The ship would normally be swung after any of the following circumstances: (a) Following a collision or a grounding incident where major repairs are required to be made to the ship, which could affect the vessels permanent and induced magnetism. (b) In the event of a major fire on board the ship. (c) If engaged on a long charter trading in high latitudes, i.e. ‘Hudson Bay’. (d) After leaving the builders yard as a new ship. (e) If loading a high capacity metallic cargo, e.g. railway lines on deck. (f) In the event that compass errors became excessively large for no apparent reason or the compass becomes unreliable. (g) If electrical or magnetic equipment is added or removed to/from the proximity of the magnetic compass. (h) In the event that a period of 2 years has elapsed and the ship is without a record of deviations, or when the compass shows a physical defect when first installed.
    marinetales July 16, 2021
    The inclusion of alcohol in the mix is to prevent the liquid freezing when navigating in high cold latitudes, while the purpose of the distilled water is to prevent the alcohol evaporating in the warm middle latitudes.
    marinetales July 5, 2021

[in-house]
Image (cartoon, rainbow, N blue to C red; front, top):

The receiving range of LRIT signal for a coastal state is upto 1000 nautical miles.
    seawizard June 5, 2021
    Any distress which is transmitted falsely, shall be cancelled immediately. If not, can initiate legal action against the vessel. Hence the Master and officers shall be well versed with the procedure for cancellation of distress alert and such instructions shall be conspicuously posted near to the equipment. Following shall be the procedure to cancel the distress alert on VHF, MF HF, INMARSAT C AND EPIRB- 1. VHF a. Switch off the transmitter immediately b. Switch to VHF Ch 16 and broadcast to all stations in a format below - ALL STATIONS ALL STATIONS ALL STATIONS This is in Cancel my DSC Alert of Name of Master, Call sign, MMSI, date and time 2. MF a. Switch off the transmitter immediately b. Switch to RT frequency 2182 kHz and broadcast to all stations in a format below - ALL STATIONS ALL STATIONS ALL STATIONS This is in Cancel my DSC Alert of Name of Master, Call sign, MMSI, date and time 3. HF a. Switch off the transmitter immediately b. Cancellation alert shall be sent to all the RT frequencies corresponding to DSC frequencies on which alert was sent ALL STATIONS ALL STATIONS ALL STATIONS This is in Cancel my DSC Alert of Name of Master, Call sign, MMSI, date and time 4. INMARSAT-C a. Stop the distress transmission b. Notify the RCC by sending the Distress Priority Message c. Format should be - cancel my distress alert of , 5. EPIRB a. Switch of the equipment to stop the transmission b. Master to contact the nearest Coast station or Land Earth Station (LES) / RCC and then cancel
    marinetales May 30, 2021